Essoldo Bishop Auckland

27 Railway Street,
Bishop Auckland, DL14 7LR

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Essoldo Bishop Auckland

The Hippodrome Theatre opened in December 1909. Designed by Darlington architect J.J. Taylor, with George W. Ward of the architectural firm Owen & Ward. Inside the auditorium there were two balconies and a box on each side of the proscenium. The square proscenium was 24 feet wide, and the stage was 48 feet deep. Films were part of the variety bill from the early days.

In 1920 some alterations were carried out by architect William Stockdale and it became a full time cinema, re-named Hippodrome Picture House. By 1937, it is listed with 900 seats, the upper balcony having been closed off.

It was taken over by the Newcastle based, Essoldo group of cinemas in 1947 and re-named Essoldo. Closed as a cinema on 6th August 1966 with Lloyd Bridges in “Around the World Under the Sea”. It was converted into a Lucky Bingo Club, then Ladbrokes took over and it became a Lucky 7 Bingo Club. Later operated as a Top Rank Bingo Club, it later became an independent Hippodrome Bingo Club. A false ceiling has now been extended across the auditorium beneath the upper circle, so the original plaster ceiling and upper parts of the theatre are no longer visible.

It was designated a Grade II Listed building by English Heritage in April 2012.

Contributed by Ken Roe

Recent comments (view all 16 comments)

terry on March 7, 2016 at 7:08 am

Two more images uploaded to the photos section.

terry on March 22, 2016 at 7:13 am

The suspended ceiling above the proscenium is apparent in the first auditorium photo. When the place first went over to ‘Essoldo Bingo’ in 1966 the (now unseen) ‘Gods’, which had not been used since its Variety Theatre days, was reopened (and ‘packed to the gunnels’). Players also sat on the stage – and in the aisles! Before anyone says that this was not permissible under Fire and Licensing regulations, I was told about this dangerous practice by my Mother who caught the ‘bingo craze'at a very early stage………….

The stage area is used by bingo players now but it has been specially adapted for the purpose (unlike back in 1966). This modification, like the false ceiling, is reversible and the building could easily be returned to theatrical use. I wonder if it will ever happen? In most locations bingo has now transferred to purpose built out of town establishments so,should that ever happen in Bishop Auckland, perhaps the town could have its equivalent to Darlington Civic Theatre, a former Sister ‘Hippodrome’.

terry on March 25, 2016 at 8:15 am

First impressions of photos of the auditorium as a bingo venue are of the stage having been levelled. However,upon closer examination, it can be seen that there are three steps leading up to this area at both sides.

Given that the stalls rake will have been levelled it is probable that there are another couple of steps concealed by the new flat floor and it is therefore likely that that bingo players are on the original stage.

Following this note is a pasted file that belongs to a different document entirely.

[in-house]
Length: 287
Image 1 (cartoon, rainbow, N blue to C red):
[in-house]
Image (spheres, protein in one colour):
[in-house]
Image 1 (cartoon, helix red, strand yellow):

terry on May 2, 2016 at 12:03 pm

It is 50 years since the building became a Bingo Hall :–

terry on November 26, 2017 at 5:38 am

Fine new watercolour by local artist, Eric Thompson uploaded to the photos section. The theatre is depicted as it would have appeared in 1965, one year before closure in 1966 when the town, once with three Essoldo operated venues, was left with only the Odeon which itself would disappear in 1983……..

terry on September 18, 2018 at 1:17 pm

1955 newspaper advert uploaded to photos section.

terry on December 15, 2018 at 12:25 pm

Article re foundation stone laid by Sir Anthony Eden’s father in 1909:–

terry on January 22, 2020 at 5:23 pm

The Essoldo closed on 6th August 1966 with the MGM film ‘Around the World Under the Sea’.

terry on June 24, 2020 at 10:47 am

Article re ‘Hauntings’ in Bishop Auckland :–

Two such phenomena are reported in former cinema buildings,namely the Hippodrome/Essoldo and the King’s.

The former closed in 1966 (not 1960) since when it has been on Bingo and the latter, of which extensive structure only part survives, showed its final film in 1962.

Stan Laurel’s father’s theatre was the long lost Eden (former Theatre Royal) and I am unaware of him having any connection with the Hippodrome.

Re cinema hauntings: I worked in several venues (too numerous to mention especially if I were to include Holiday/‘Day Off’ Managerial Relief Duties). Staff at many of these places claimed them to be haunted and some described in great detail apparitions together with uncanny incidents. Probably the most prolific of all these would be the ABC Darlington which, as a rebuild of the Theatre Royal, I suppose is as likely a candidate as any. I have to say that I never saw any apparitions there (or anywhere else) but I did at times ‘pick up’ on an ‘atmosphere’ which made me feel uneasy.

I am sure there are many former cinema personnel with their own experiences…..

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